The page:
Relativity in brief... or in detail..

Where does E = mc2 come from? Energy in Newtonian mechanics and in relativity

Under relativity, the laws of physics may be the same for two observers with relative motion, but they sometimes look unfamiliar to those of us who are used to putting kinetic energy = ½ mv2. In this animation, a rocket engine does work at a constant rate, i.e. it produces constant power. (This is not the usual behaviour or rockets, but it means that we can see what increasing the kinetic energy does to speed and momentum under classical and relativistic mechanics.) We discuss this animation further below.

Another way of writing Newton's second law in classical mechanics is the work energy theorem. By integrating the resultant force F that acts on a body with respect to the distance over which the centre of mass moves,

one obtains the important result that the work done by F equals the change in the quantity ½mv2, a quantity that we call the kinetic energy. That's the theorem. As you might expect, things are a bit more complicated in relativity. Let's start with Newton's second law, that states the force is equal to the time rate of change in momentum:

We integrate to get the work done:
Now we need some expressions to do the substitutions:
We need to integrate with respect to both v and γ, so it's helpful to write:
and substitution in our integrand gives:
From here we get the expression for the kinetic energy, K, in Special Relativity:
graph of total energy, proper plus kinetic This is a very important expression, so we should check that, at low speeds, it corresponds to the classical expression. Using the expansion valid for small v/c:
as shown in the graph at right - the purple line is mc2+½mv2. Ah, that's reassuring. But it also shows us Einstein's speed limit. In the classical expression, v is proportional to the square root of K. In principle, v could be as large as one liked. In relativistic mechanics, however, (γ - 1) increases linearly with the kinetic energy. And γ goes to infinity as v goes to c. Hence, a finite amount of energy can never accelerate a body to the speed of light.

So now let's look at equation (*) again:

Where did the 1 on the right hand side come from? It's the starting value of the integral. Now all of the terms in this equation are energies. When γ > 1, we have non-zero kinetic energy. So, if we think of γmc2 as the total energy of body, and write
then (γ - 1)*mc2 is the kinetic energy, and 1*mc2 is an energy that a body has when v = 0 and γ = 1.

Remember the proper time and proper length of module 4. These were the time and length of a body measured in its own frame. So we could write

where E0 = mc2 is the proper energy of a body — the energy that it has, even when it is not moving. So that famous equation, E0 = mc2, has come from identification of the constant of integration in the relativistic version of the work-energy theorem.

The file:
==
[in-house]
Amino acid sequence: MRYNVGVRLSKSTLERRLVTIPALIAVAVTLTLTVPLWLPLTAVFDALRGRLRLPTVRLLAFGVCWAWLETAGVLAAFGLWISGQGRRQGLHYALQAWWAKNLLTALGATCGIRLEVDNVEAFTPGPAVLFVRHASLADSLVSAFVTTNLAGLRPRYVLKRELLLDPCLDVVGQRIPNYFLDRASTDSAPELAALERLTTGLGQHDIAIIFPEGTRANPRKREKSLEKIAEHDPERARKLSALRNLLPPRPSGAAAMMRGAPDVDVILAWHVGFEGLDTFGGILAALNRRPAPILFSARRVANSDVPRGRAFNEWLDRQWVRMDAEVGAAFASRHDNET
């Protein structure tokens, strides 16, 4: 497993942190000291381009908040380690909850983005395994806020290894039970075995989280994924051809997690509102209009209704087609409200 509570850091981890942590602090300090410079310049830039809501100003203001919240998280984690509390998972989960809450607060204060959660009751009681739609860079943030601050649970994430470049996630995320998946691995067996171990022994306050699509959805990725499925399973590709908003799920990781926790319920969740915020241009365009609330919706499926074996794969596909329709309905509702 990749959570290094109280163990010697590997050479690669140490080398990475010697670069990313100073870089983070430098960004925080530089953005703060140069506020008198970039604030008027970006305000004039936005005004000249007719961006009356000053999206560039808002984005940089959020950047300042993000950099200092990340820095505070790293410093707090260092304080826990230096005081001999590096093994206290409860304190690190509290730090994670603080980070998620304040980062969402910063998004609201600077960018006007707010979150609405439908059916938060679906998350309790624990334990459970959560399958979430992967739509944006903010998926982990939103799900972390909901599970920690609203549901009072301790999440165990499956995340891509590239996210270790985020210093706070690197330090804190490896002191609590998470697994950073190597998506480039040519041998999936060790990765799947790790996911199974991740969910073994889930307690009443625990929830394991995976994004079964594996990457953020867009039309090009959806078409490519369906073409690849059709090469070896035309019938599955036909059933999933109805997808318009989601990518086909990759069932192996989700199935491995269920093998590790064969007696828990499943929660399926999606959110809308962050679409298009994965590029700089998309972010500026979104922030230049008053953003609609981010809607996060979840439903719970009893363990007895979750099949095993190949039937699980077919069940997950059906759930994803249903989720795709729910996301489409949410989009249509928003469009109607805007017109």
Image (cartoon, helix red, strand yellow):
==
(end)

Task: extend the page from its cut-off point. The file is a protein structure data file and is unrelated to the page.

Given that it's such an important equation, it's interesting to ask: Is this identification of the proper energy a derivation or an inspired guess on Einstein's part? My judgment would be somewhere between the two.
We are getting used to large numbers, but let's remember that
    c2 = 9.0 x 1016 m2s-2 = 9.0 x 1016 J/kg.
Yes, c2 has units of joules per kilogram, as we can see from the familiar expression Kclassical = ½mv2. So the conversion of one kilogram mass would liberate nearly 1017 joules. Ouch! (By the way, this is not a feature restricted to nuclear energy: See the discussion of binding energy, and the example below.)

    A moderately large power station might provide power at 1 GW or 109 joules/second. To provide this power continuously for a year requires 3 x 1016 joules. So, in such a power station, about 300 grams of matter would disappear each year. (Because this is a small amount, the actual accounting would be complicated by a range of processes that occur to the rods.)

    In a coal fired power station with the same continuous power output, 300 grams of matter would also disappear. Yes, if you could gather all the CO2, H2O, soot, nitrides and other products of the power station (ah, if only we could gather them!) then we'd have 300 grams less than the coal and air that we reacted in the furnaces.

    As another example, consider a bomb that reduces the total mass of its fuel. Suppose that the blast from this bomb pushes the atmosphere out of the way in a hemisphere of radius R. (It is said that, in the Manhattan project, one of the physicists used the displacement of pieces of debris to estimate the yield after the first test. A simple calculation that one can do in one's head gives the yield:

      The work done against the atmosphere is atmospheric pressure times 2πR3/3, the volume of the hemisphere. Suppose that R is 100 m, substitution shows that this requires the loss of 2 micrograms of matter. Again, it doesn't matter whether it is a chemical or nuclear bomb. Fortunately, extremely large chemical bombs are very hard to deliver. I regret to say that nuclear bombs small enough to be carried in a backpack or fired from a cannon, but with huge destructive power, have been developed by several countries.

    Now let's examine our two travellers.

    Notice Einstein's speed limit: the Space Ship Newton can accelerate indefinitely, but the SS Einstein approaches c as the energy put into it goes to infinity. On the other hand, the momentum rises more rapidly with input energy under relativity.

    For more about Newtonian and Galilean mechanics, see Physclips: Mechanics with animations and film clips.

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